Anna, who is 29 and being asked to be identified by her middle name to protect her high-profile Washington, DC job, said the pandemic had put her under pressure. "At my age, people who are not yet married are getting serious – about marriage, about children," she said. “For people together, their schedules are speeding up because the pandemic is forcing them to make decisions. While single people cannot return this year of their life. "
In August, she flew to Chicago to meet a man she'd texted and spoken to on FaceTime for a month. "You need the physical meeting," she said. "I don't even say sex. You might decide that you hate someone because they chew like that."
The two spent a weekend in a hotel. "He was the only person I was familiar with for 10 months," said Anna. She said she wouldn't want to meet a stranger in person on a dating app. In this case, she knew where her date worked and that because of his work, he had to undergo background checks and follow the strict security guidelines of Covid-19.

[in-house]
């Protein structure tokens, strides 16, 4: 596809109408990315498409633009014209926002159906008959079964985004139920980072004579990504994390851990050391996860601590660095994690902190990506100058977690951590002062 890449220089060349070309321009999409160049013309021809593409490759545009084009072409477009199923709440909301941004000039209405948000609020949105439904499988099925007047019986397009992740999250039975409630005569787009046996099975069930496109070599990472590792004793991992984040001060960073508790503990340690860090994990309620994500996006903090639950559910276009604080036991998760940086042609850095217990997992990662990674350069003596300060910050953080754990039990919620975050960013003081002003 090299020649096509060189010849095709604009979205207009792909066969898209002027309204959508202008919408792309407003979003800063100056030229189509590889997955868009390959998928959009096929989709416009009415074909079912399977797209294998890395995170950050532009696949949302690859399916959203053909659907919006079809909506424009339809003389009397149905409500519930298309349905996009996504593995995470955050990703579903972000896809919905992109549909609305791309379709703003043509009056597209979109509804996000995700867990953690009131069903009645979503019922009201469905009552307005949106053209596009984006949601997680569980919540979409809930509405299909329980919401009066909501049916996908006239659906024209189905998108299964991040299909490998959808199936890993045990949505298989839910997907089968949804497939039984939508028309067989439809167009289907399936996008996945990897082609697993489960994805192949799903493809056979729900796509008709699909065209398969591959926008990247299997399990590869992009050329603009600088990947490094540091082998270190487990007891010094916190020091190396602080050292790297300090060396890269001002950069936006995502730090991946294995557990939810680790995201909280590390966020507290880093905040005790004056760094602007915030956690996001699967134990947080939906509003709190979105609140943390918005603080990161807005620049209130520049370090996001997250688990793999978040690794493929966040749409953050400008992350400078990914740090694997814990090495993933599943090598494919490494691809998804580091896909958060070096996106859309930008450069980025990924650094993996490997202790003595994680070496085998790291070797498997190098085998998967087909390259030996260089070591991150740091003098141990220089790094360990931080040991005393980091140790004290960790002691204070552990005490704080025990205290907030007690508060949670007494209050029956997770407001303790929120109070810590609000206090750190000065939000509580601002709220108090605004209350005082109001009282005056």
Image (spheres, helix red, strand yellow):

"It's very difficult as an individual," said Laura Khalil, 40, a Detroit podcast producer and host. Her parents who live nearby belong to a risk group and she is afraid of infecting them. "I couldn't even touch my family," said Ms. Khalil.
In August she decided to try again. After a few unsuccessful walks, she struck a match in a street cafe. They had a date as normal as a pandemic, with no mask, and after that, Ms. Khalil took a coronavirus test and was quarantined.
"I knew he was working from home, he had a capsule and he wasn't going out," she said. “Do I trust you? I believe you these are things we can't know I can only accept and hope that you are not lying to me. "